If drawing doesn't appeal to you or your gift recipient, playing in the sand or the snow can be for grown-ups, too! Brookstone offers versions that might even go to the office. Floof, Brookstone's pretend snow, sticks to itself while not clinging to other surfaces. Try Polar Babies Bucket or Floof Play Balls Bucket (each $15) Create while trying to come up with the answer to a problem or just to relax.

If sand is more appealing, Sand By Brookstone is a whimsical medium that stretches and oozes and holds its shape. Model a sand castle for your desk, and it will stay there till you model something else. $20 for original, $25 for color, each 2.2 pounds.

Travel Gifts for People with Visual Impairments

Weighing those bags before heading to the airport to be sure they are within allowable limits can be awkward if you aren't accustomed to schlepping 50- or 60-pound items around. The Speak To Me catalog offers a talking portable luggage scale ($30) that does not require lifting. Just place the handheld device on the top of your floor-planted suitcase and hear the weight announced in pounds or kilograms. Large backlit LCD renders reading friendly to users with low vision. Visit the Speak to Me Catalog website or call 800-248-9965.

If losing battery power for your cell phone or other portable device while you are on the road is a concern, Brookstone sells some holiday themed power banks (8000 mAh) ($25). Choose from a snowflake design, lighted tree, or snowman replete with scarf and carrot.

For a fully accessible power bank boasting a whopping 18,000 mAh, order the Power Bank designed for blind and visually impaired consumers ($89) available from the Harbolt Company and mentioned in our November 2017 Holiday Guide. The unit beeps and vibrates to let you know charging progress and status, thus making it usable by people who are blind or deafblind.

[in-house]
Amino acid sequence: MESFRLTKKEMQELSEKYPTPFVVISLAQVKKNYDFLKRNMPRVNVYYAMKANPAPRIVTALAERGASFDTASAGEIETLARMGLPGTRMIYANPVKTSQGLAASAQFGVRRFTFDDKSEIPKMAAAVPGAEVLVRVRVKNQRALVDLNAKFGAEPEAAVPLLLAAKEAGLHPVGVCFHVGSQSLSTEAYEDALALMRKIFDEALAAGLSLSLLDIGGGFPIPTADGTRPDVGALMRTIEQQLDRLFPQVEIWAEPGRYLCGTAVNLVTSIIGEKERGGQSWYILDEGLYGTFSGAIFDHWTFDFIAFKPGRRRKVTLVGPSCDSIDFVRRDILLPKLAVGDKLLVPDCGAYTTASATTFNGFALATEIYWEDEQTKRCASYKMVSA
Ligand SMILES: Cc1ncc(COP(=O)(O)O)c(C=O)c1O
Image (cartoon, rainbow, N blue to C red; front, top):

For the guide dog handler who would like to carry a lightweight white cane that can be tossed into a bag or purse (or even attached to the dog guide's harness) for use in emergencies, the Adaptations store at the San Francisco Lighthouse for the Blind offers two excellent solutions. The telescoping cane is tiny and comes in its own zippered case. The carbon fiber folding cane is a bit sturdier for use in wayfinding. Both are available in various lengths. Adaptations store, San Francisco Lighthouse for the Blind, 415-694-7301.

Portable Audio Notetaker

While some of us still find jotting a note with a traditional slate and stylus or bold pen the most convenient approach, there are plenty of other ways to retrieve and store small snatches of information. Many blind and low vision people prefer an audio recording of a phone number, email address, recipe, or calendar item, and there are plenty of tools for capturing information in this way. One particularly popular and inexpensive device is the Wilson Digital Voice Recorder from the Braille Superstore ($50). The device holds up to 12 hours of recorded messages, and offers easy controls for recording and playing messages as well as easy navigation for moving from one recording to another.

Gifts for Sharing with Others

Of course, there is no gift more appreciated than the gift of time together. Plan a meal, a night of movie watching or card games, or a one-on-one session for sharing tips and tricks with technology. If you want to combine time together with a gift that is ongoing, try a subscription to an online streaming service with lots of audio description programming, such as Netflix or Amazon Prime, or a subscription to an innovative service for blind people such as AIRA.

Whatever your budget and your choices, spend as much holiday time as possible with people you love and enjoy the season!

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Deborah Kendrick
Article Topic
Holiday Shopping and Gift Giving